Where A Drowned Maiden’s Hair was a self-described melodrama, Splendors and Glooms is Victorian Gothic. It brings to mind the dirty streets of London and books by authors like Joan Aiken. In Lizzie Rose and Parsefall’s world you can get dirty just by walking through the yellow fog. Never mind what you encounter on the street. The first three chapters of the book are split between three different characters and you go down the class ladder, from upper-upperclass to kids who feed only when they can get away with it. It’s a distinctive period and Schlitz is a master and plunging you directly into that world. I am also happy to report that her ear for language is as pitch perfect as ever. She’s the only author for kids that I know of that can get away with sentences like, “Lizzie Rose corrected him, aspirating the h.”
At the same time no one acts the way you would expect them to. You walk into the novel thinking that orphans Lizzie Rose and Parsefall will be perfect little pseudo-siblings to one another and you’re repeatedly surprised when Parsefall rejects any and all affection from his devoted (if not doting) friend. In fact he’s a fascinating character in and of himself (and at times I almost had the sense that he knew himself to BE a character). He has only one love, one devotion, one obsession in this world and it’s difficult for anything else to make a dent in it. Likewise, when Lizzie Rose interacts with the witch you expect the standard tale where she melts the old woman’s heart against her will. Schlitz doesn’t go in for the expected, though. You will find no schmaltz within these pages. Though the characters’ expectations may line up with the readers’, beware of falling too in love with what somebody on the page wants. You might find your own heart breaking.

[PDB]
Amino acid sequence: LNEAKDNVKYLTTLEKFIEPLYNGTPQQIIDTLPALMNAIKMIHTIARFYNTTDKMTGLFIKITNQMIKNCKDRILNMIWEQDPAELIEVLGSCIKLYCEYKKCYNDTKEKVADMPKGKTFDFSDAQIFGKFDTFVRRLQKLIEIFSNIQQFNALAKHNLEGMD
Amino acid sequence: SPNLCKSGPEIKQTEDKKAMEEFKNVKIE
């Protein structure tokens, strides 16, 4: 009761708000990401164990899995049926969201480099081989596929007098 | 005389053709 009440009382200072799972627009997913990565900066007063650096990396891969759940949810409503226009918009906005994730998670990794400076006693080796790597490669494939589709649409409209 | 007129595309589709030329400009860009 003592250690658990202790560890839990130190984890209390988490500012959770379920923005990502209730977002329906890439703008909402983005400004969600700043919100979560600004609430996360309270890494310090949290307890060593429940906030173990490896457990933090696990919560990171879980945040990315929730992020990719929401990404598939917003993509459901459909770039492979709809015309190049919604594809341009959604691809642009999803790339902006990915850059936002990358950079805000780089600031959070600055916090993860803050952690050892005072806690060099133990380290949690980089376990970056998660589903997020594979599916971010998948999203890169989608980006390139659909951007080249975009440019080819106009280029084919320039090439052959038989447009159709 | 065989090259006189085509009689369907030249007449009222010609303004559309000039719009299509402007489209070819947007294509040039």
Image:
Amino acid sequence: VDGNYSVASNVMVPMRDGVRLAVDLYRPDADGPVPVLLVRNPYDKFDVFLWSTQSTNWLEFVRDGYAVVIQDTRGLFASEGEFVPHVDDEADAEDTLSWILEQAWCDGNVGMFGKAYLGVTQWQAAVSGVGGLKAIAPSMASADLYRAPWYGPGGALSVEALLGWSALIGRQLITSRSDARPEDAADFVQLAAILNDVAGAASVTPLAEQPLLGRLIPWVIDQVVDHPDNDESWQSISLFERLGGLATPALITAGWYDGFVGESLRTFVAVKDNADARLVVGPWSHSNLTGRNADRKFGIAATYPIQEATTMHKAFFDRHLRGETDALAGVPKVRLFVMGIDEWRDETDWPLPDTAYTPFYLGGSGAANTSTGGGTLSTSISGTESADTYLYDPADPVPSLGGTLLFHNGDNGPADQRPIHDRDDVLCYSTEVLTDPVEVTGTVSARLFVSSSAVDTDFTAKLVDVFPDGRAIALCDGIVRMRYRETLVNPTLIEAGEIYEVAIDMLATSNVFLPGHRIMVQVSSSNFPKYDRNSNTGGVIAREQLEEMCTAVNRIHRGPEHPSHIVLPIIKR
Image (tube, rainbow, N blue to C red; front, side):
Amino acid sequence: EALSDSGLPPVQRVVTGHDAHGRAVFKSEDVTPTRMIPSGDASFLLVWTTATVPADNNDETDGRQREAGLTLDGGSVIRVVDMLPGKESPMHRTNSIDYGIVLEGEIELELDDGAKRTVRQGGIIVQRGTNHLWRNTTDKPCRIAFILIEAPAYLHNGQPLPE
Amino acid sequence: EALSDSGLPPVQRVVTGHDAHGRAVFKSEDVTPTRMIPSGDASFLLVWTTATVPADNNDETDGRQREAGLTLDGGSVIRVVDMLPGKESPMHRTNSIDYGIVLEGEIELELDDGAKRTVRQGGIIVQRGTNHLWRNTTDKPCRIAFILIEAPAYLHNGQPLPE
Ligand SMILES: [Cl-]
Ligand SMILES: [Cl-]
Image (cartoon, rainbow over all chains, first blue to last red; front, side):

Even as a child I had a strange habit of falling in love with storytime’s villains. Captain Hook most notably, but others followed suit. That was part of what was so interesting about the villain Grisini in this book. By all logic I should have developed a crush on him of some sort. Yet Schlitz manages to make him wholly reprehensible and just kind of nasty to boot. He actually doesn’t appear in all that many pages of the book. When he does you are baffled by him. He’s not like a usual villain. He’s almost impotent, though his shadow is long. He also suffers more physically than any other bad guy I’ve encountered in a book for kids. If you’ve ever worried that a no goodnik wasn’t paying sufficiently for their crimes you shall have no such similar objections to Splendors and Glooms. The wages of sin are death and perhaps a bit of bloodletting as well.